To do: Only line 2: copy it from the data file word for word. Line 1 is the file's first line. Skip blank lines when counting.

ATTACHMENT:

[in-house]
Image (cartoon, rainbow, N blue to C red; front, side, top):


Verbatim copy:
Image (cartoon, rainbow, N blue to C red; front, side, top):